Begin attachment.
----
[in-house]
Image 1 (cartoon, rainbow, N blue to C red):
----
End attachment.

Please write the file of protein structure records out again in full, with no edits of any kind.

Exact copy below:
[in-house]
Image 1 (cartoon, rainbow, N blue to C red):